Car Care Advice

Car Paint Restoration 101: How to Make Your Ride Shine

Reading Time: 4 minutes

Here are some quick and easy steps to breathe new life into your car’s tired, old paint job.

Regardless of whether your car gets parked outside all the time or lives a nice, cozy garage life, its paint job is under constant attack from the elements that can lead to a dull, oxidized finish. Sun, scratches, and airborne contaminants all work against your car’s paint job, but the proper paint correction can make dull paint shine again.

So what options do you have? You can pay a detail shop a lot of money (usually hundreds of dollars) or you can tackle the job yourself with tools and supplies that are readily available at most auto parts stores and even some home improvement stores. If you’re ready to become a DIY detailer, here are some easy tips for how to restore your car paint by hand.

Start With a Basic Car Wash

Before tackling any type of paint correction or restoration, the first thing you need to do is wash your car really well to remove any dirt or surface debris. Stuck-on dirt and other contaminants can become embedded in the finish causing the paint to feel rough and look hazy, and this is where a clay compound can be used in conjunction with high-quality car wash to really improve the look of your car’s paint. Maintaining your car’s paint should be a part of your car-care checklist to ensure any damage doesn’t get to the point of requiring paint correction. After all, you shouldn’t have to wait for Valentine’s Day to show your car the love it deserves.

Making Dull Paint Shine Again

When a wash and clay bar aren’t enough, you’ll have to look to paint correction to restore a finish that is faded, sun damaged or otherwise oxidized, which is when the paint finish is dulled to more of a matte finish. Paint oxidation is caused by debris, contaminants or water spots that are left to bake onto the paint by the sun and weather. Oxidized paint restoration requires a little more work and specialty tools, but the effort pays off in the long run saving hundreds, if not thousands, of dollars in body shop costs. This step will include the use of rubbing compound and polish using an electric buffer.

The first thing to do here is to identify restorable areas of the paint that have been oxidized such as the faded paint on the hood of a car; if the clear coat is peeling away or serious scratches go down to bare metal, then you have bigger paint correction issues. While the specific procedures will vary based on the buffer and compounds/polishes you use. The rubbing compound goes on first, and it smoothes out surface scratches and fixes sun damage on a car from oxidation. Too much pressure on the buffer with rubbing compound can “burn through” the paint, so be careful and, again, be sure to follow the recommended procedures provided for the buffer and compound.

The abrasive in a rubbing compound is enough to remove surface damage on the paint, but it does leave the surface hazy. And that’s where polish comes into play. Polishes are used in the same way as the compound acting as a finer grit to smooth out any additional imperfections resulting in a smooth, mirror-like finish. This procedure of using compounds and polishes can also be done to correct the “orange peel” effect on paint jobs.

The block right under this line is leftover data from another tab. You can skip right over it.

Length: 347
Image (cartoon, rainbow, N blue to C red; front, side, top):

Fixing Clear Coat Damage

The above steps apply only for repairing sun-damaged car paint or other oxidation issues, but, as mentioned above, the paint correction gets a lot more involved if you have more problems such as clear coat damage or deep scratches. One your paint damage goes beyond superficial scratches and surface contaminants, it will be necessary to repaint and wet sand in order to correct this level of damage, and fortunately you don’t need a professional paint booth for this step. DIYers have plenty of options for repainting their car including companies like AutomotiveTouchup that can color match to any factory color based on the paint code in anything from small touch-up paint pens to aerosol spray cans to gallons of paint.

Keep Your Paint Protected

The best way to protect your car from oxidation is to wash it regularly and to keep it parked in a garage (or under a car cover), but not everyone has the luxury to do both… or either. This is where a good wax job comes into play. Wax is essentially like a lotion for your car’s paint that helps to prevent (or minimize) future oxidation, and if you’re a DIYer getting ready to tackle other restoration techniques, this should be one of them.

Car Paint Restoration Products

There are countless numbers of paint restoration products on the market, and they’re available just about anywhere you can find automotive-related products – they’re even sold at most grocery stores! The important thing is to choose a reputable company, and be sure to follow the instructions carefully when using the products. Best of all, paint correction and restoration products make excellent gift ideas!

Show Us Your Results!

We hope you found this oxidized paint restoration information helpful. Let us know in the comments how bad your car’s paint is or how you made your dull paint shine again!

Lifelong automotive enthusiast with a soft spot for offroading. Wrencher turned writer, but I still love to tinker on just about anything with an engine. Dream car: tie between a ‘71 Hemi ‘Cuda and a ’91 GMC Syclone. #GirlDad #SaveTheManuals

Jeffrey N. Ross
Lifelong automotive enthusiast with a soft spot for offroading. Wrencher turned writer, but I still love to tinker on just about anything with an engine. Dream car: tie between a ‘71 Hemi ‘Cuda and a '91 GMC Syclone. #GirlDad #SaveTheManuals

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